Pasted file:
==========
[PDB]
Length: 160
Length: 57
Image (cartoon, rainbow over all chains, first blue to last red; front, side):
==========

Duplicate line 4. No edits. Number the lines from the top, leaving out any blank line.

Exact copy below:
Image (cartoon, rainbow over all chains, first blue to last red; front, side):